helenlt on December 14th, 2012
…my true love gave to me 7 steps to protect material that I have created.
We focus a lot on what your obligations are when you use copyright material but if you are creating material that is protected by copyright and you have rights.
From time to time we get asked by staff and students writing articles and publications how they can assert their rights and protect their work from unauthorised use. Here are 7 steps that you can take to help prevent your work from being infringed.
- Include a copyright statement and citation information on your work. – By doing so you alert people to the fact that your work is subject to copyright and they cannot just freely use it however they want. By including a title and yourself as author, people can correctly acknowledge your work when they use it.
- Include instructions on how to seek permission and contact information – People are often aware that they need permission but they cannot locate contact information to get it.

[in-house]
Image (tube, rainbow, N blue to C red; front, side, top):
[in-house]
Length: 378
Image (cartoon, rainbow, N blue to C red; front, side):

- Use metadata – If the work is in digital format then include the copyright statement, citation, permission and contact information in the metadata. This ensures that it always remains with the work and reduces the chances of your work becoming an orphaned work.
- Include a watermark – People will not want to use material that includes a watermark and so will need to contact you to get a clean copy of the work.
- Use low resolution images – People will need to contact you to get a high resolution version.
- Choose a format that is more difficult to reproduce – If you are concerned about people copying and using or modifying your work without your permission, choose a format that is harder to copy and/or change.
- Apply a Technological Protection Measure (TPM) -. TPMS are locks that can prevent a person from accessing or copying material without permission.
For more information see Protecting Your Work